9. Mr. Ramirez also reviewed Student’s records from Garden Grove. In addition, he spoke with Mr. Chang, the Principal at Student’s prior elementary school in that district. Mr. Chang indicated that Student had received special education and related services while attending his school, due to her inappropriate behaviors. Her aggressive behaviors at school were significant. According to her exit IEP however, Student no longer had difficulty completing her work, making friends, working in groups, and maintaining her ability to remain calm in the general education classroom under normal circumstances. The IEP noted that Student still had difficulty adjusting to changes, and her behavior should still be monitored in those situations.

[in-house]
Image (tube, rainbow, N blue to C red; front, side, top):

3 The other student involved in this altercation was no angel either. Both students had been previously counseled regarding making inappropriate racial comments and how to appropriately handle such remarks by reporting them to responsible adults.

10. On March 5, 2013, Student and another classmate were suspended for fighting. 3 The tension between the girls had been growing, and in response to an inappropriate comment, Student hit the other student in the face with a closed fist three times before the teacher could intervene. Mr. Ramirez met with Mother to discuss Student’s suspension, at which time Mother exhibited racial bias, accusing Mr. Ramirez of taking sides because the other child was of the same ethnicity as he is. The relationship between Mr. Ramirez, the District and Mother further disintegrated. Mother on a later occasion made additional racial comments regarding the ethnic demographics of Sunkist.